The escalating geopolitical tension between China and the US is threatening the security of the global supply chain. As COVID-19 rages worldwide, the role of telecom networks has heightened. 36Kr was invited to the webinar held by Total Telecom on June 18. This webinar brought in top global telecom experts, including Adrian Scrase, Head of the 3GPP Mobile Competence Centre and ETSI CTO, Luis Alveirinho, CTO of Altice Portugal, Sally Eaves, CTO of Forbes Technology Council, and Dimitris Mavrakis, Research Director of ABI Research. The topic of the webinar was how to ensure the resilience and stability of the global telecom supply chain.
The Trump administration announced a new rule on May 15, banning any foreign chipmakers from shipping chips with US software or technology to Huawei without a license granted by the US Department of Commerce. This move may cut ties between Huawei and its chip suppliers, who provide the chips it uses for cellular base stations, servers, and smartphones.
36Kr believes that the new rule will disrupt the entire semiconductor industry and may bring down the global supply chain. This would cause economic loss, and even slow down technological advancements.
“We need suppliers to better support our business operations,” said Altice Portugal CTO Luis Alveirinho, on behalf of telecom carriers serving enterprises and consumers. Alveirinho added, “We now live in a global village where the supply chain has become more globalized and fragmented. We need to rely on technological standardization to unite more partners across the global supply chain.”
“Many CIOs and CTOs have expressed their pressure in the discussion,” said ABI Research Director Dimitris Mavrakis. “The problem facing carriers is that besides technology and commercial factors, they have to consider other factors when selecting suppliers. This may cause delay in 5G rollouts.”
As someone who is deeply involved in standards development, Adrian Scrase believes that politically-driven restrictions on certain players are the “most pressing risk”, which may have “catastrophic” consequences. “If we are subject to such restrictions, then we won’t be able to use the best technologies to serve people’s interests.”
According to Sally Eaves, the impact of geopolitics on the telecom industry will be harmful both now and in the future. “The intervention of geopolitics in the semiconductor industry will not only affect 5G deployment,” she said, “What’s worse, it will delay the digital transformation of industries, widen the digital divide, and even affect the production of medical equipment like ventilators to deal with the pandemic.”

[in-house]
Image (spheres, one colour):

Strategy Analytics’ report suggests, “Escalating trade sanctions against Huawei and China will have ruinous consequences on the global telecom and semiconductor industries, as well as the US economy. This is especially true in tandem with the present COVID-19 global economic slowdown.”
According to Teletime, Luiz Alberto Garcia, Chairman of the Board of Directors at Algar Telecom said that, banning certain 5G suppliers in Brazil would be a “huge mistake”. Garcia noted that “excluding a supplier that holds nearly 50% of the market share and has a global presence and outstanding technology expertise” from competition may increase the price of 5G, and will eventually hurt the interests of users. He is clearly referring to Huawei here.
While the US is targeting Huawei out of geopolitical motives, many carriers from Germany, France, and other European countries have proactively spoken out in support of Huawei. These carriers included the world’s second largest mobile carrier Vodafone Group Plc and telecom service provider Telefonica Brasil.
“The UK’s leadership in 5G will be lost if mobile operators are forced to spend time and money replacing existing equipment,” Scott Petty, Vodafone UK’s chief technology officer, told Reuters in an emailed statement.
This suggests that carriers in many countries have realized the role that Huawei plays in Europe’s 5G deployment, which is attributable to its expertise and patents in 5G, as well as the mutual trust it has built with European carriers over decades. 36Kr estimates that 5G will benefit up to 40 million people in Germany by mid-July, thanks to Huawei’s innovative technologies, spectrum coordination, reasonable tariffs, and new 5G smartphones.